Wenger delighted with three-man central defence and Arsenal’s timely win

Louise Taylor at the Riverside Stadium
Arsenal’s manager Arsène Wenger tried a back three for ‘the first time in 20 years’ and came away from Boro with a much-needed win. Photograph: Scott Heppell/Reuters

Arsène Wenger issued a reminder that you do not have to be young to be modern after his side ended a run of four successive away Premier League defeats with a 2-1 win featuring a brand-new formation at Middlesbrough last night.

Arsenal’s manager, 67, arrested his slide by showcasing an unexpected back three against spirited opponents fighting to avoid relegation. “It’s the first time in 20 years I’ve played it,” he said. “It shows that, even at my age, you can change.

“We’ve lost a lot of direct fights centrally so it gets us a bit stronger in the air. It gives the team confidence to have something new to believe. I felt it was needed. We were vulnerable. Confidence in life goes away quickly but comes back slowly. There was some nervousness for us.”

Goals from Alexis Sánchez and Mesut Özil, either side of Álvaro Negredo’s equaliser lifted Wenger’s team to sixth, seven points behind fourth-placed Manchester City, albeit with a game in hand. A manager simultaneously engaged in a similarly draining power struggle with his club’s chief executive, Ivan Gazidis, accepted that qualifying for the Champions League is an uphill task but was relieved to end Arsenal’s worst league run on the road for 88 years.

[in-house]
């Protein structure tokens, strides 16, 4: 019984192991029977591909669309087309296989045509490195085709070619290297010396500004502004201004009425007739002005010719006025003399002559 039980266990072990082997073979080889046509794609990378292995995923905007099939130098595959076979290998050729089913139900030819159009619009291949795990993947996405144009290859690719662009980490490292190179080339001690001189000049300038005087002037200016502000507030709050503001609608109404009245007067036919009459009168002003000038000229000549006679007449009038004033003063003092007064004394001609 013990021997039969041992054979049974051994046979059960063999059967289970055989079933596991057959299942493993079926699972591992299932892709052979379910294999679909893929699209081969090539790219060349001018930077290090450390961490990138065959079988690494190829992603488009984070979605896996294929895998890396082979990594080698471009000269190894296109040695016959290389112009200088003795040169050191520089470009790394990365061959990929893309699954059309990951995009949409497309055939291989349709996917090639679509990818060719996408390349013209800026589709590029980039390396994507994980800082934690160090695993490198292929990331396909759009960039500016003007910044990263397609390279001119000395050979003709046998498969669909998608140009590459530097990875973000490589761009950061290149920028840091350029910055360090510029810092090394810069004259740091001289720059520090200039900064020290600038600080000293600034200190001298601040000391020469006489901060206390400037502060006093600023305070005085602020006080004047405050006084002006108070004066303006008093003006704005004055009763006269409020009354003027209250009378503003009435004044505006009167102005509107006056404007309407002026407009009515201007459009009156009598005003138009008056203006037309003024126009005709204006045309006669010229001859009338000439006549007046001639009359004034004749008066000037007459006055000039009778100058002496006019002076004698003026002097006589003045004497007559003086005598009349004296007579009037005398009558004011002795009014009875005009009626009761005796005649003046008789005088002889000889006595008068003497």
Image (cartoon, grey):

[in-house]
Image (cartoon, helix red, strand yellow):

“We needed to win,” Wenger added. “We were tested and maybe rode our luck on one or two occasions with crosses but we were committed and the back three worked well in the first half, we were solid. Now we have to win every game to have a chance of getting in the top four.”

Asked if the reluctance of Sanchez and Özil to sign new contracts had affected Arsenal’s form, Wenger gave a cryptic reply. “Despite sometimes difficult situations, or some situations that lack clarity, we are professional people, our job is to perform and we can still perform,” he said.

While he, once again, declined to reveal whether or not he intends to remain in charge at the Emirates next season, Steve Agnew hopes to persuade Steve Gibson, Middlesbrough’s owner, to offer him the job on a permanent basis. Although he has taken only two points from his five games since succeeding Aitor Karanka, Boro’s performances have improved considerably and there was a second half period when they threatened to win.

“My players were amazing,” said Agnew whose side are second bottom, six points behind 17th-placed Hull City with a game in hand and a vastly superior goal difference. “They played with such intensity I couldn’t have asked for any more from them. I’m so, so pleased with their spirit and effort but disappointed to lose.”

Not that he is resigned to relegation. “We’re still only six points behind Hull with a game in hand and a terrific goal difference,” he said.

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